Cover image for When whites riot : writing race and violence in American and South African cultures
When whites riot : writing race and violence in American and South African cultures
Smith McKoy, Sheila.
Personal Author:
Publication Information:
Madison : University of Wisconsin Press, [2001]

Physical Description:
xii, 170 pages : illustrations ; 24 cm

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E184.A1 S664 2001 Adult Non-Fiction Central Closed Stacks

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In a bold work that cuts across racial, ethnic, cultural, and national boundaries, Sheila Smith McKoy reveals how race colors the idea of violence in the United States and in South Africa--two countries inevitably and inextricably linked by the central role of skin color in personal and national identity.
    Although race riots are usually seen as black events in both the United States and South Africa, they have played a significant role in shaping the concept of whiteness and white power in both nations. This emerges clearly from Smith McKoy's examination of four riots that demonstrate the relationship between the two nations and the apartheid practices that have historically defined them: North Carolina's Wilmington Race Riot of 1898; the Soweto Uprising of 1976; the Los Angeles Rebellion in 1992; and the pre-election riot in Mmabatho, Bhoputhatswana in 1994. Pursuing these events through narratives, media reports, and film, Smith McKoy shows how white racial violence has been disguised by race riots in the political and power structures of both the United States and South Africa.
    The first transnational study to probe the abiding inclination to "blacken" riots, When Whites Riot unravels the connection between racial violence--both the white and the "raced"--in the United States and South Africa, as well as the social dynamics that this connection sustains.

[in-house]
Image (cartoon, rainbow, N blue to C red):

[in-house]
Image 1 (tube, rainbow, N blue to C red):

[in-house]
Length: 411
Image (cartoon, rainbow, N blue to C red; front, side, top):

Author Notes

Sneila Smith McKoy is an associate professor of English at Vanderbilt University

Reviews 1

Publisher's Weekly Review

Challenging the perceptions that "race riots" in the U.S. and South Africa are always perpetrated by people of color, Sheila Smith McKoy, an assistant professor of English at Vanderbilt University, explores the history of some of the two countries' most violent moments in When Whites Riot: Writing Race and Violence in American and South African Culture. Focusing on events like Wilmington N.C.'s race riot in 1898 and Mmabatho, Bhoputhatswana's 1994 pre-election riot, McKoy explores in various media the way public attention gets diverted from white violence. Several participants in the Soweto Uprising, for instance, describe how a peaceful protest by black school children one afternoon became a violent three-day rebellion after the police fired upon the crowd. While media in South Africa and elsewhere alleged that the police were provoked by the crowd's violence, McKoy contends that, in fact, the white police rioted, spurring the community to throw rocks and burn buildings. Her unflinching look at horrifying events offers an important take on race-based violence. 12 b & w photos. (Dec.) (c) Copyright PWxyz, LLC. All rights reserved

Table of Contents

Illustrationsp. ix
Acknowledgmentsp. xi
Introduction: White Riot--Binding American and South African Culturesp. 3
1 Riot-Making: Ululation, Resistance, and Reclamationp. 11
2 Reading the Riot Act: The Teleology of Charles Chesnutt's The Marrow of Tradition and the Wilmington Race Riot of 1898p. 31
3 Rioting in a State of Siege: The Cultural Contexts of Sipho Sepamla's A Ride on the Whirlwind and the Soweto Uprising of 1976p. 71
4 Subverting the Silences: Historicizing White Riot in Fiction and Filmp. 93
Epilogue: The Tie That Binds--Los Angeles and Mmabatho, White Riot on the Cusp of a New Millenniump. 117
Notesp. 131
Works Cited and Selected Bibliographyp. 149
Filmographyp. 159
Indexp. 161